Republicans Block Bipartisan Border Bill in the Senate

Republicans Block Bipartisan Border Bill in the Senate

Reuters/Mary F. Calvert

The Senate on Thursday failed for a second time to advance a border bill that would expand presidential power to restrict immigration, reduce the number of asylum claims and provide additional funding for security and legal personnel.

The bill was the product of a bipartisan compromise reached in February. It failed in the Senate after former President Donald Trump said he opposed it and indicated he wanted to keep the issue alive for political reasons. Thursday’s second vote on the bill was seen largely as a messaging opportunity for Democrats, who say Republicans are more interested in using the border for political posturing than in taking steps to improve the situation.

The vote was 43-50, with only one Republican, Sen. Lisa Murkowski of Alaska, voting in favor of the bill. Six Democrats and the rest of the Republicans voted no. Two of the bill’s sponsors, Sen. James Lankford, Republican of Oklahoma, and Sen. Kyrsten Sinema, independent of Arizona, voted against it. The bill’s third sponsor, Sen. Chris Murphy, Democrat of Connecticut, voted yes.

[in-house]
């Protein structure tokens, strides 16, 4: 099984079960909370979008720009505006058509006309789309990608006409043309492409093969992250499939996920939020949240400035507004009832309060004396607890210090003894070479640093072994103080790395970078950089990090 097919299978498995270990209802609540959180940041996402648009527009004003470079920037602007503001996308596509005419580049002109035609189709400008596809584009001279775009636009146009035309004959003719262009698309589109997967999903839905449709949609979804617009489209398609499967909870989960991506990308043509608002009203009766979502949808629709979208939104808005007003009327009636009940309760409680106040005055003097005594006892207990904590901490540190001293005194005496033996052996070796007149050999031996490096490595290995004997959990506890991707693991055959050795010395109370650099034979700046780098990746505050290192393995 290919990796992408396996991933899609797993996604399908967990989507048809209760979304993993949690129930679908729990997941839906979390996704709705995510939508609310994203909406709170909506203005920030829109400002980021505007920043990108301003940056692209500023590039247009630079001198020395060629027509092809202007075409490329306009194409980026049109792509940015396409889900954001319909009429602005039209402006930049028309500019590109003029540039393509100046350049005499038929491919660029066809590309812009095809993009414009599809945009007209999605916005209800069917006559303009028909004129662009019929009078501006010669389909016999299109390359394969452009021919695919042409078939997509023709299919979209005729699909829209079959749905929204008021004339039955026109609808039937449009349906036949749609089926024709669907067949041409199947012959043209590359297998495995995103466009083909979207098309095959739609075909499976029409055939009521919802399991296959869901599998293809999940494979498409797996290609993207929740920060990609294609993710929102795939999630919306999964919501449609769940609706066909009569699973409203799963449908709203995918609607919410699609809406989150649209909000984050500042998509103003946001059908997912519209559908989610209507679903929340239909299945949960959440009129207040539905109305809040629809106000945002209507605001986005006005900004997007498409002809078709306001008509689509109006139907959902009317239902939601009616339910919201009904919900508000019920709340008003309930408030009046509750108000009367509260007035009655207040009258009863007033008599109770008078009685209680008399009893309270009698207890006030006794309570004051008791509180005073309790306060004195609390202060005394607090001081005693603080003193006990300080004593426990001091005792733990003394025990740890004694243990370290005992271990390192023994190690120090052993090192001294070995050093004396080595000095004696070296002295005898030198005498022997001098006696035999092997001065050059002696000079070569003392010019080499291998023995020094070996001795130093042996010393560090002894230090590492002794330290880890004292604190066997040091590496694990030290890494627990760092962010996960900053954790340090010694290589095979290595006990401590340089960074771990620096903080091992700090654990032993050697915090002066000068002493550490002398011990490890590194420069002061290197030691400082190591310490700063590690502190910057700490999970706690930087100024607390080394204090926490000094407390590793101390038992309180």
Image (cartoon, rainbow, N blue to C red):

Senate Majority Leader Chuck Schumer, a Democrat from New York, hammered the political message home. “The contrast between Democrats and Republicans is clear today and will be even clearer in November,” he said. “Democrats want to fix the border and get something done. Republicans want to give speeches, let the border fester and do absolutely nothing to fix the problem.”

The White House echoed the theme. “Congressional Republicans do not care about securing the border or fixing America’s broken immigration system,” President Joe Biden said following the failed vote. “If they did, they would have voted for the toughest border enforcement in history. Instead, today, they put partisan politics ahead of our country’s national security.”

Senate Minority Leader Mitch McConnell defended his caucus’s rejection of the bill, while claiming the border crisis is wholly the responsibility of the Biden administration. “The president needs to step up to it — do everything he can do on his own because legislation is obviously not going to clear this year,” McConnell told reporters earlier this week.